Monday, August 13, 2012
The Branches, the Axe, the Missing Charlotte Pence
The Branches, the Axe, the Missing
Black Lawrence Press
Review by Rene Schwiesow
“However the story began, we know/its middles, know/how taming fire kicked us/out of arrested development.” Pence spends time in “The Branches, the Axe, the Missing” delving into humanity’s origins and, in doing so, her images may have the ability to kick each reader from their own arrested development, coaxing the reader to ponder historic and personal evolution even as so many attempt to forget personal histories, negate the fact that those histories bring us to the here and now.
In addition to “The Braches, the Axe, the Missing,” Pence is the author of two award-winning chapbooks and the editor of “The Poetics of American Song Lyrics,” an anthology that considers song lyrics as appropriate for study in a literature classroom. She has received numerous awards including the Discovered Voices award and a fellowship from the Tennessee Arts Commission.
Pence has been widely published and with lines such as “Sit, sit down with me. The darkness quiets if we watch it together,” that is no surprise.
Maybe the first word
we finally said sitting around that fire,
everyone chewing on red
colobus monkey, no one speaking was
Words, we have found, are helpful to communication and, certainly there are times when silence can be awkward. Still the line, “The darkness quiets if we watch it together,” shows a touching beauty in sharing something in silence.
“The Branches, the Axe, the Missing,” speaks not only to origins but to change and/or a sense of loss in relationship, in life.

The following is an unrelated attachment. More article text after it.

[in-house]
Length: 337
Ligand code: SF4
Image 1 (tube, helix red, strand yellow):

It is thirty-four degrees.
She wants to be warm, eat that leftover lasagna, drink one glass of
boxed red wine.
The engine idles.
She has returned from her last act as a married woman:
mailing the new-ex his car title. He wanted a copy faxed and
the original over-nighted.
Endings that we cannot forget if we tried.
. . .jab-jab-jabbing
that dark until the sounds flee back to the
quiet: sizzle-spits. Shifts of logs carboned
and bone-thin. Ashed by morning.
Pence places nuggets of personal crisis and transformation quietly in between life’s origins, its flame, its hunger, its desire to become. This is not a book to be taken on surface content, be ready to fan the embers of your own consciousness and contemplation.
Rene Schwiesow is co-host of the wildly popular South Shore Poetry venue, The Art of Words in Plymouth, MA. She currently writes for The Plymouth Center for the Arts in The Old Colony Memorial newspaper, also in Plymouth.